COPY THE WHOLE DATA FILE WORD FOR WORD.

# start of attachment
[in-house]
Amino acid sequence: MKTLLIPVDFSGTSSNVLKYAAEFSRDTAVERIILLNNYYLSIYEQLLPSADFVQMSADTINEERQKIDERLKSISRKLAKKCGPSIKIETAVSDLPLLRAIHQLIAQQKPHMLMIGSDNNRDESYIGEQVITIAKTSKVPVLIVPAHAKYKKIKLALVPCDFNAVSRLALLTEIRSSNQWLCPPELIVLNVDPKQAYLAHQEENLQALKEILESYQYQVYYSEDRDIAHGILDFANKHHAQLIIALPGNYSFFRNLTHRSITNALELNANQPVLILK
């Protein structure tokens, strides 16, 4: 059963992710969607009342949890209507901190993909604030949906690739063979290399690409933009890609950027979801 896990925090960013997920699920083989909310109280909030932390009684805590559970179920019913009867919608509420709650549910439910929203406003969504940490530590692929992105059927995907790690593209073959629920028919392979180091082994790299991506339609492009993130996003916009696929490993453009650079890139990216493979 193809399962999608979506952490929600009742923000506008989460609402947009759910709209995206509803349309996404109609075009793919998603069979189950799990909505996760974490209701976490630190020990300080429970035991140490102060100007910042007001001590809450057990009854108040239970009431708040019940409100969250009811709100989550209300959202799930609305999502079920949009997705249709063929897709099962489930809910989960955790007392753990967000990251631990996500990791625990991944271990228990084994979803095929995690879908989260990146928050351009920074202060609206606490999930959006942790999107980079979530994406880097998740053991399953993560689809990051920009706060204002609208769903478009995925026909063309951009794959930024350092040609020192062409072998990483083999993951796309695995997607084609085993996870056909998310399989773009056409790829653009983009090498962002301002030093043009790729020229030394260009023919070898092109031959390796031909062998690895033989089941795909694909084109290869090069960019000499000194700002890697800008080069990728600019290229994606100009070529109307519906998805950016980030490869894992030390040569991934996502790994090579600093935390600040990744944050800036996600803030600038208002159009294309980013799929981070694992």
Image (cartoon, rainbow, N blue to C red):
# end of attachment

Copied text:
[in-house]
Amino acid sequence: MKTLLIPVDFSGTSSNVLKYAAEFSRDTAVERIILLNNYYLSIYEQLLPSADFVQMSADTINEERQKIDERLKSISRKLAKKCGPSIKIETAVSDLPLLRAIHQLIAQQKPHMLMIGSDNNRDESYIGEQVITIAKTSKVPVLIVPAHAKYKKIKLALVPCDFNAVSRLALLTEIRSSNQWLCPPELIVLNVDPKQAYLAHQEENLQALKEILESYQYQVYYSEDRDIAHGILDFANKHHAQLIIALPGNYSFFRNLTHRSITNALELNANQPVLILK
């Protein structure tokens, strides 16, 4: 059963992710969607009342949890209507901190993909604030949906690739063979290399690409933009890609950027979801 896990925090960013997920699920083989909310109280909030932390009684805590559970179920019913009867919608509420709650549910439910929203406003969504940490530590692929992105059927995907790690593209073959629920028919392979180091082994790299991506339609492009993130996003916009696929490993453009650079890139990216493979 193809399962999608979506952490929600009742923000506008989460609402947009759910709209995206509803349309996404109609075009793919998603069979189950799990909505996760974490209701976490630190020990300080429970035991140490102060100007910042007001001590809450057990009854108040239970009431708040019940409100969250009811709100989550209300959202799930609305999502079920949009997705249709063929897709099962489930809910989960955790007392753990967000990251631990996500990791625990991944271990228990084994979803095929995690879908989260990146928050351009920074202060609206606490999930959006942790999107980079979530994406880097998740053991399953993560689809990051920009706060204002609208769903478009995925026909063309951009794959930024350092040609020192062409072998990483083999993951796309695995997607084609085993996870056909998310399989773009056409790829653009983009090498962002301002030093043009790729020229030394260009023919070898092109031959390796031909062998690895033989089941795909694909084109290869090069960019000499000194700002890697800008080069990728600019290229994606100009070529109307519906998805950016980030490869894992030390040569991934996502790994090579600093935390600040990744944050800036996600803030600038208002159009294309980013799929981070694992």
Image (cartoon, rainbow, N blue to C red):